Just in closing, I had such high expectations about the life after graduation. Now I know that I was not being realistic. Therefore, it is important to find a balance so you can be ambitious, while being realistic.

Google Associate Product Manager

After 3 months of interview process, I finally got the offer!
It was a long process but I’m sure it’s all worth it.

Consequently, I submitted my resignation letter to IBM today.
Kinda weird that I’m quitting when everyone else is busy looking for jobs.

I don’t think I’m allowed to talk about the actual interview questions but I will say that I found every aspect of the process very challenging and fun. It was a great experience and I’m really glad that the outcome was positive.

Music Sample

Title: Choice of My Heart
Composed by: Niu Taala, Ivoga Green
Arranged, Sequenced, Performed by: Shaun Seo
About: A song from the musical Joseph Smith-The Musical. I sequenced background tracks for all the songs in the musical. This is one of those songs; without the choir.

Title: New Kingdom
Composed by: Dan Nathan
Arranged, Sequenced, Performed by: Shaun Seo
About: A song from the musical Joseph Smith-The Musical. I sequenced background tracks for all the songs in the musical. This is one of those songs; without the choir.

Title: Fever
Composed by: Shaun Seo
Performed by: 175 East
About: My debut piece. This song won the 175 East Composition Competition in 2001. Clarinet, double bass, cello, percussion, bass trombone, bass clarinet. Performed on November 11th, 2001 at Hopetoun Alpha, Auckland, New Zealand.

Title: song10
Composed, Sequenced, Performed by: Shaun Seo
About: A demo MIDI sequence. Used western orchestra and traditional Korean percussion samples.

Title: untitled
Composed, Sequenced, Performed by: Shaun Seo
About: Another piece of MIDI sequencing

Deploying site with SVN

Instead of using FTP client to overwrite the entire folder (because you often forget which file needs to be overwritten), you can checkout the contents from the SVN server. This will make deployments quick and easy.

1. go to the root directory of your website.

2. checkout the repo

svn co svn+ssh:// .

3. It’s possible that you need to set ownership to the files.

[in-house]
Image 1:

sudo chown -R : ../html

4. When the folder is setup, just run update from next time.

svn update

SVN directory concepts

1. Trunk: main body of development, originating from the the start of the project until the present.

2. Branch: a copy of code derived from a certain point in the trunk that is used for applying major changes to the code while preserving the integrity of the code in the trunk. If the major changes work according to plan, they are usually merged back into the trunk.

3. Tag: a point in time on the trunk or a branch that you wish to preserve. The two main reasons for preservation would be that either this is a major release of the software, whether alpha, beta, RC or RTM, or this is the most stable point of the software before major revisions on the trunk were applied.

Branching/Tagging in TortoiseSVN is explained at

1. Make a dump of your current repository.

svnadmin dump /path > repository-name.dmp

2. Copy the dump file to the new server/machine.

3. Set up the dump file.

cd /path
svnadmin create repository-name
svnadmin load repository-name< repository-name.dmp

After setting up a SVN server at MediaTemple I tried to access it with TortoiseSVN. It kept on asking for passwords even though I’ve entered in the correct one.

1. TortoiseSVN will ask for passwords multiple times depending on the number of different domain folders.
2. Upgrading to the newest version of TortoiseSVN [TortoiseSVN 1.5.6, Build 14908] solved the problem of the program crashing.

Setting the SSH client property stopped the multiple password checks.
C:\Program Files\TortoiseSVN\bin\TortoisePlink.exe -l username -pw password

Resetting CSS

To minimise the effects of browser inconsistencies, it is a good idea to reset CSS at the beginning of the file.

The following works just fine.

* {
margin: 0px;
padding: 0px;

I like this because it’s simple and then I can set margins, paddings etc to any required elements.

h1, h2, h3, h4, h5, h6 { margin: 15px 0; }
p, table, dl, ul, ol { margin: 10px 0; }
ul, ol, dl dd { margin-left: 40px; }

or as suggests, the following reset may be useful.

/* v1.0 | 20080212 */

html, body, div, span, applet, object, iframe,
h1, h2, h3, h4, h5, h6, p, blockquote, pre,
a, abbr, acronym, address, big, cite, code,
del, dfn, em, font, img, ins, kbd, q, s, samp,
small, strike, strong, sub, sup, tt, var,
b, u, i, center,
dl, dt, dd, ol, ul, li,
fieldset, form, label, legend,
table, caption, tbody, tfoot, thead, tr, th, td {
margin: 0;
padding: 0;
border: 0;
outline: 0;
font-size: 100%;
vertical-align: baseline;
background: transparent;
body {
line-height: 1;
ol, ul {
list-style: none;
blockquote, q {
quotes: none;
blockquote:before, blockquote:after,
q:before, q:after {
content: '';
content: none;

/* remember to define focus styles! */
:focus {
outline: 0;

/* remember to highlight inserts somehow! */
ins {
text-decoration: none;
del {
text-decoration: line-through;

/* tables still need 'cellspacing="0"' in the markup */
table {
border-collapse: collapse;
border-spacing: 0;